This is usually not a very big issue or difference, it just has to do with the range styles and colors. Women’s bikes tend to include brighter color options and features like wicker baskets, while men’s bikes usually stick to more neutral colors. 

5. Stem 

930CBD9C BD12 4E2D 8369 088AB65A573A

A shorter or longer stem offers a simple way to fine-tune a bike frame’s reach for you. A different stem style might also put the handlebar in a higher position that’s more comfortable for riding. This is a component that can be easily changed for you before you leave the bike shop if you desire.

6. Bike Handlebars

5283164D 9F23 49B5 A5E5 E4E10F4F0A6A

For the average women, their shoulders are usually narrower than that of men, so their bikes are usually built to have narrower bars to suit them. Using a handlebar that isn’t designed for your build can cause sore shoulders after every ride.

7. Brake Levers

brake lever

Shorter riders who in this case, are usually women often have smaller hands, making it hard to comfortably reach and operate brake levers in some men’s bikes. Some levers have adjustment screws that let you reduce lever reach, or better still, get a bike with short-reach levers.

8. Wheels

16D34A52 F9B0 44CB BF82 FBFBE695868E

Men’s bikes are usually designed to have bigger tires, while women’s bikes are designed to have smaller tires. For women or shorter riders, a smaller frame can make a big difference but so can smaller wheels. 

9. Reach

1DCA7D5E 26DD 453D 8B2E 185972FF8134

Unlike men’s bikes, women’s bikes are crafted to provide easier and better reach to the handlebars. This is because most women tend to have short torsos than their male counterparts.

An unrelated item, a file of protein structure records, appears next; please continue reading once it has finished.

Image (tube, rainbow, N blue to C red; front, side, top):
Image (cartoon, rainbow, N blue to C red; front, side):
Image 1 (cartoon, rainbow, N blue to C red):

10. Cranks

Bike Crank Arm

Women’s bicycles have an average crank length of 6.5 inches, but it’s 6.7 inches for the males counterparts. Women and short people can easily reach the bottom of their pedal stroke with the shorter crank length, and the longer length is designed to fit men’s longer legs.

The bottom line is that the best bike for you is the one that fits your body regardless of whether it is a women’s-specific bike or a men’s-specific bike. Ensure to spend some time testing out different bikes, and learning about bike sizing before you take anyone home with you.

Read also: Electric Bikes Vs. Traditional Bikes: Which Is Right For You?


  1. How do you know if a bike is unisex?

The easiest way to tell if a bike is unisex is to look at the crossbar. On women’s bikes, the crossbar sits tend to sit far lower than it does on men’s bikes. However, the crossbar on unisex bikes takes a neutral position. This will look like a ‘v-shape’ frame rather than a low or high frame.

2. What makes a bike female-specific?

Women tend to be shorter than men, and have proportionally shorter torsos and longer legs, smaller hands, and narrower shoulders. That means that women’s-specific bikes are designed to address these differences in body shapes.

3. Can a male ride a female bike?

Yes. A bike is a bike, and once you’ve learned to ride one, you can ride them all. 

Leave a comment